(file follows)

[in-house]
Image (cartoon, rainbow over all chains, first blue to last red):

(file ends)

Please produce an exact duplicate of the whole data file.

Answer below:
[in-house]
Image (cartoon, rainbow over all chains, first blue to last red):